A Pandemic of Wildfire, Part 2

Yesterday, I published images captured from space revealing the scope and intensity of 2020’s burning season — from Siberia to the western United States. In this second part of “A Pandemic of Wildfire,” I’m focusing not on the flames but on the smoke.

It has travelled far and wide, causing much misery. (As I’m writing this from near Boulder, Colorado, I’m looking at my asthma inhaler and anticipating when I can take another dose.) At times the smoke has been so thick and sprawling that it could be seen by a spacecraft flying nearly a million miles away from Earth.

The image above, based on data from the Sentinel 5P spacecraft, shows carbon monoxide in a giant plume stretching coast-to-coast across North America on August 26th, 2020. The pollutant was coming largely from wildfires, which were burning in California, Oregon, Colorado, and elsewhere in the western United States.

Two days earlier, the GOES 16 weather satellite spied dense smoke from California and Colorado wildfires moving eastward across the Upper Midwest:

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As the video progresses and the angle of the Sun becomes more favorable, the smoke plume becomes more visible. In contrast to white clouds, it’s a light gray color. An analysis of data by University of Wisconsin scientists indicated that the smoke was traveling at an altitude between 2 and 6 kilometers (1.25 and 3.7 miles).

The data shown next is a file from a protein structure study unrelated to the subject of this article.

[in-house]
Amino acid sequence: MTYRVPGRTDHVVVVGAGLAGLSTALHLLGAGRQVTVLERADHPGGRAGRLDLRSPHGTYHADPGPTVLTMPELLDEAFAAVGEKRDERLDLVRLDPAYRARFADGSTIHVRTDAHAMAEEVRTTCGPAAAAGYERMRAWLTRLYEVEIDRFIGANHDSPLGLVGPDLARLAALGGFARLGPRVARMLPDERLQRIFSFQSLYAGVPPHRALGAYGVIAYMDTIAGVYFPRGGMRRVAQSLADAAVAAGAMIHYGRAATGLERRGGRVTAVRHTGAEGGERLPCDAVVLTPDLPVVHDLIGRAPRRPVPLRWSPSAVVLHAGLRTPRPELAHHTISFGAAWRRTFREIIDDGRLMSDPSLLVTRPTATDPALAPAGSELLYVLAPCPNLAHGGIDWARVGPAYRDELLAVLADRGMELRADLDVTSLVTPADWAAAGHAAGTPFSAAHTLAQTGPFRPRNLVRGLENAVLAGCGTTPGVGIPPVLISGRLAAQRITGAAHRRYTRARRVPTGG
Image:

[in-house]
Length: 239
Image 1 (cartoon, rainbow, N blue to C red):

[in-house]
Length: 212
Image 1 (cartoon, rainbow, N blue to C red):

Smoke From California Wildfires

Satellite image of smoke and areas of burning in California. (Copernicus Sentinel data processed by Pierre Markuse using Sentinel Hub EO Browser)

Remote sensing expert Pierre Markuse produced this stunning image of smoke from California wildfires based on data gathered by the Sentinel 2 spacecraft on Aug. 19, 2020. The yellow hot spots show areas where the heat of fires was detected by another satellite.

The next day, smoke spread across an even more vast area. Using NASA’s Worldview website, I calculated a rough estimate of how much territory was covered by the very thickest smoke. From just the California fires (not including sprawling smoke from fires in Colorado), I came up with about 90,000 square miles. (For a high resolution, anotated image showing the extent of the smoke, go here.)

Smoke Spreads Across the U.S. West

On August 21, NASA’s Terra satellite captured this natural-color imagery of smoke plumes from wildfires in California and other parts of the American West. (Credit: NASA Earth Observatory)

A stubborn dome of high pressure over the U.S. West was keeping temperatures at close to record highs in many places — and for many days on end. The jet stream had retreated to the north, preventing weather systems from blowing into the region and helping to sweep out both the heat and smoke. The summer monsoon — a phenomenon that causes thunderstorms to boil up in the afternoon — also largely failed.